In today’s edition of The Guardian newspaper there is an article with details of an essay written by Agatha Christie in 1945 on the art of the British mystery story. It was commissioned by the Ministry of Information and intended as a piece of propaganda but apparently was only ever published in the Soviet Union in 1947. Among the choice comments to be found in Alison Flood’s article, she quotes Christie’s essay as saying of John Dickson Carr that he was a “master magician … the supreme conjurer, the King of the Art of Misdirection”. Christie also extolls the virtues of such fine authors as Ngaio Marsh, Margery Allingham and Dorothy L. Sayers, though not without some mild criticism. Lord Peter Wimsey she opines is “… an example of a good man spoilt”.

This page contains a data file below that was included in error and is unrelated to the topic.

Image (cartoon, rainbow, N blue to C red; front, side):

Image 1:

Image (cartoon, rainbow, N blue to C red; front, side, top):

The essay has been included as a preface to a new edition (hardback and Kindle) of the Detection Club’s 1933 round-robin novel Ask a Policeman, with an introduction by the estimable Martin Edwards (who blogs over at Do You Write Under Your Own Name?).